# How to prove the PRF, $F(k,x) = (k \wedge x ) \oplus k$ is PRP?

I am trying to understand PRF's and PRP's. I have got a question where I have to decide whether $$F(k,x) = (k \wedge x ) \oplus k$$ (where $$k$$ and $$x$$ are simple $$1$$ bits (1 or 0)) is PRP or not. I am not sure if I understand PRP's correctly. As I have found:

A Pseudo Random Permutation is a PRF that happens to have the property that every element in the input domain has a single associated member in the output co-domain and vice versa.

So what I have got in my example.

k x F(k,x)
0 0 0
0 1 0
1 0 1
1 1 0


For each couple, I have an associated member in output co-domain, but for each output 0 and 1. I do not have a unique member in the input domain. So this function is not PRP. Am I right?

• As there exists no such F'(k, y) that gives a chance to restore value of x for k = 0 that is the problem? Nov 4, 2018 at 13:00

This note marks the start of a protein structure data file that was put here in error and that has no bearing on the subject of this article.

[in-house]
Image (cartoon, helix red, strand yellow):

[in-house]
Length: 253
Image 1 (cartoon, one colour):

• yes, that is the problem. Nov 4, 2018 at 13:02
• For some reason you seem to be working under the premise that the function is a PRF. That premise is wrong. Nov 4, 2018 at 13:24
• @Maeher yes, I do. Why is it wrong? Nov 4, 2018 at 13:26
• It's not a PRF. Indistinguishability is part of the definition of PRF. Nov 4, 2018 at 15:22

Your definition tries to say that a permutation must be invertible.

When the key is $$0$$, we can not determine the inverse of 0 and the inverse of 1 doesn't exist.